[ExI] What would you do if you won the billion dollar plus MegaMillions Lottery, and are lotteries a bad thing?
spike at rainier66.com
spike at rainier66.com
Tue Oct 23 14:11:13 UTC 2018
From: extropy-chat <extropy-chat-bounces at lists.extropy.org> On Behalf Of William Flynn Wallace
Subject: Re: [ExI] What would you do if you won the billion dollar plus MegaMillions Lottery, and are lotteries a bad thing?
>…Lotteries are a way for legislators to avoid raising taxes…
Ja. Legislatures have a big job on their hands if they manage to raise taxes: deal with the resulting unemployment.
>…and it mostly impacts the poor…
That tax is different however. It is entirely voluntary.
>…- just the reverse of progressive taxation that I prefer.
But that one is highly progressive: the poor pay little or no tax, the lottery winners pay a lot of tax.
>…I don't know how I would spend even one million dollars….
Perhaps you saw that time Dr. Evil went forward in time and blackmailed the world government into giving him… one millllllion dollars. He didn’t know why they all broke out laughing. His assistant had to tell him: Chief, one million dollars isn’t a lot of money. Evil: Oh right. One hundred billllllion dollars.
>…Two people in a giant mansion with servants everywhere? Limousines?
Never mind the mansion. Several servants and a limo could burn through a million dollars in less than a year easily. Ask a former local resident MC Hammer.
>…Nah. So I would hire people to investigate charities and give most of it away.
Anders Sandberg is involved in a group called Effective Altruism. They take an engineering approach to charity. Very cool. Lotsa math.
>…In Mississippi we have a new lottery. The money goes to roads and bridges, which the legislators have allowed to fall into severe disrepair. Better than nothing, I reckon.
BillW, your post has me thinking. The local real estate market as progressed from absurd to far beyond mere absurd. The price of some of these local dumpy tract shacks are making headlines for exceeding a thousand dollars per square foot. Less than a mile from here, a 1100 sf 3/2 in what was once a questionable neighborhood went for 1.2 million last month. It is only four miles from Tesla however, which is what is driving the insanity.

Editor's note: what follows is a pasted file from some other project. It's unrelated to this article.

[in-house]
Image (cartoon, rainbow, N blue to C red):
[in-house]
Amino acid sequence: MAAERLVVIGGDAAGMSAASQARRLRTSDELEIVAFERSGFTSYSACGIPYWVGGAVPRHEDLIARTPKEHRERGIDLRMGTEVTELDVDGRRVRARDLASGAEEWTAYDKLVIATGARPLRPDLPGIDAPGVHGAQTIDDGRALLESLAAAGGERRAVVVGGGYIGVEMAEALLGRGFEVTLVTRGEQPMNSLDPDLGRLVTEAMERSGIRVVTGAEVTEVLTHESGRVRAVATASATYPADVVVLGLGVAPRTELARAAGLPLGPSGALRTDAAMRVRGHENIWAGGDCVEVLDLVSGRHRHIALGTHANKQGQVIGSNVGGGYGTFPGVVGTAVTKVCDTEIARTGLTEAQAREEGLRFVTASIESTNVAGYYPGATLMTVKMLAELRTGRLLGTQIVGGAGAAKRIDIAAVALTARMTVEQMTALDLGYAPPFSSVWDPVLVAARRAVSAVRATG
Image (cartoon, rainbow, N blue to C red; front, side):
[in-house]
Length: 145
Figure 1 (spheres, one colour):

It occurred to me that if we had some kind of national level housing program, it makes no sense whatsoever to house the poor here. For the same money it would cost to put a single family in a small house here, the same money could get a big house which could be subdivided for five families in Mississippi, each with more room than the one house here, or ten houses in West Virginia where my grandparents grew up. This observation leads to our recognizing the impropriety of having hardworking taxpayers in West Virginia subsidizing poor people living near the Tesla factory.
Doing housing assistance at the state level helps, but we have similar tensions, for California has its hard-hit areas with few jobs or only agricultural jobs. They too would pay proportional taxes to subsidize poor people living in the fast lane at absurd cost to the state. There aren’t many Section 8 houses around here, but for the cost of each one, the state could house ten families in the Central Valley.
I don’t have the answers, but I do have a fun observation. Local builders are required to put in a certain percentage of units designed to be low cost, for lower income residents. So the do, but in every single case, regardless of what the legislatures intend, those small units always end up in the hands of Chinese businessmen, who use them as outpost offices and a private hotel room. Regardless of what the state government intended, the working poor continue to have to drive in from the central valley, which means more wear and tear on the roads, more junky cars crowding up the freeways, more Chinese businessmen flying in for a day or two to make deals at Tesla and Apple and such.
They still haven’t figured out the solution to it all.
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